Allrecipes, the world’s largest food site, receives 700 million annual visits from home cooks who discover and share food experiences through recipes, reviews, photos, profiles, and blog on the web and mobile devices. For 14 years, the Seattle-based site has served as a dynamic, indispensable resource for cooks of all skill levels seeking trusted recipes, entertaining ideas, everyday and holiday meal solutions and practical cooking tips. Allrecipes’ global, multiplatform brand provides insights into the kitchens and cooking passions of home cooks everywhere with 17 websites, 9 mobile apps, and 13 eBooks serving cooks in 23 countries and 11 languages. Allrecipes is part of Lifestyle Communities @ RDA, a division of The Reader’s Digest Association, Inc. For additional information regarding Allrecipes, please visit allrecipes.com

Please Contact:  
Stephanie Robinett  
Director, Communications  
206-708-9271  

The 2011 Holiday Insights Survey was hosted on Allrecipes.com from September 25 – 31, 2011, with participation from 1,350 U.S.-based home cooks. No incentives were used to reward or incent participation. 

The Allrecipes Measuring Cup report is derived by analyzing the site behaviors and search data from more than 700 million annual visits to Allrecipes.com, along with survey data from Allrecipes’ online surveys.

Tuesday, October 18, 2011

Halloween Special

 

Extra! Extra! HALLOWEEN SPECIAL!

News flash: Halloween now ranks fifth as America’s largest food holiday for home cooks!

Right behind Thanksgiving, Christmas, Easter, and the Super Bowl! In 2010, Halloween-related traffic to Allrecipes rose 17% in year-over-year growth. Anything and everything pumpkin was key to Halloween recipe searches.


TOP 10 HALLOWEEN RECIPES: With hundreds of Halloween recipes to choose from, which spooky favorites made the treat list? Watch the slide show and check out the recipes!




1 – Roasted Pumpkin Seeds
2 - Spooky Witches Fingers
3 - Best Ever Popcorn Balls
4 - Caramel Apples
5 - Iced Pumpkin Cookies
6 - Granny Kat's Pumpkin Roll
7 - Great Pumpkin Dessert
8 - Pumpkin Chocolate Chip Cookies III
9 - Black Halloween Punch
10 - Spooky Halloween Eyeballs
 
TOP 10 PUMPKIN-RELATED SEARCHES: What to do with all those pumpkin seeds? Searches for recipes containing “pumpkin” rose 6% from 2009 to 2010.

1 – Roasted pumpkin seeds
2 – Pumpkin breads
3 – Pumpkin cookies
4 – Pumpkin pies
5 – Pumpkin muffins
6 – Pumpkin soup
7 – Pumpkin rolls
8 – Pumpkin fudge
9 – Pumpkin bars
10 – Pumpkin cheesecake

(Source: Hitwise, October 2011)


TOP 10 HALLOWEEN-RELATED SEARCH TERMS: Halloween party planners looked for ingredients to create the perfect ghoulish gathering!

1 – Halloween recipes
2 – Halloween cookies
3 – Halloween punch
4 – Halloween cakes
5 – Halloween punch recipes
6 – Halloween treats
7 – Halloween cookie recipes
8 – Halloween drinks
9 – Halloween drink recipes
10 – Halloween party recipes


From morbid munchies to ghastly goodies and strange brews, even homemade face paint made with pantry staples, hundreds of easy party tricks and treats to feed hungry ghosts and goblins are created and shared by Allrecipes’ community of fun-loving home cooks. Plus printable Halloween cookbooks and pumpkin carving templates to inspire even more scary Halloween fun. Even a ‘how to’ video about decorating Halloween cupcakes! Find all your favorites in Allrecipes’ Halloween Collection!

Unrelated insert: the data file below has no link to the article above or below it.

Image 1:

About Allrecipes.com 
Allrecipes, the world’s largest food site, receives 650 million annual visits from home cooks who discover and share food experiences through recipes, reviews, photos, profiles, and blog posts. For 14 years, the Seattle-based site has served as a dynamic, indispensable resource for cooks of all skill levels seeking trusted recipes, entertaining ideas, everyday and holiday meal solutions and practical cooking tips. Allrecipes’ global, multiplatform brand provides insights into the kitchens and cooking passions of home cooks everywhere with 17 websites, 9 mobile apps, and 13 eBooks serving cooks in 23 countries and 11 languages. Allrecipes is part of Lifestyle Communities @ RDA, a division of The Reader’s Digest Association, Inc. For additional information regarding Allrecipes, please visit allrecipes.com

Please Contact:  
Stephanie Robinett  
Director, Communications  
206-708-9271  

Food Wishes—YouTube’s #1 Cooking Video Series—is Now Part of the Allrecipes Family.


Frequent visitors to Allrecipes.com have likely noticed all sorts of new video features recently. Now when you visit our homepage, you’ll find one of Allrecipes’ seven original video series episodes premiering daily. Visit a recipe page and you’ll find related how-to cooking videos conveniently located on the right side of the page.

In addition to new video features, we’re thrilled to announce the web’s #1 cooking video series is now part of the Allrecipes family. The amazingly talented, hilarious, and fun Chef John of Food Wishes has joined our community. Those of you who spend time on YouTube are likely already fans of John, he has built a huge, fanatical fan base with his collection of amusing, yet informative cooking videos. Chef John is a no-nonsense kind of guy, teaching home cooks—in less time than any TV cook ever could—how to make basic but solid versions of popular dishes. If you want to learn more about Food Wishes, visit the FoodWishes.com blog where he is always cooking up something great.
 
John’s cooking videos are some of the best the web has to offer and there are hundreds of recipes to enjoy covering all types of dishes, seasons, and holidays. A few of our favorites include:

Garlic Ginger Chicken Wings
Macaroni and Cheese Recipe
Caramel Sea Salt Dark Chocolate Coins
Simple Beef Pot Roast Recipe

In the coming weeks more of John’s Food Wishes videos will be unveiled on the site—each providing easy-to-follow tips and techniques in John’s signature style for making it easy and entertaining for cooks to create delicious dishes at home. For those who can’t wait to see what he going to cook up next, be sure to visit Allrecipes’ homepage on Tuesdays where a new Food Wishes video premiers each week.

Esmee Williams, Allrecipes.com Brand Marketing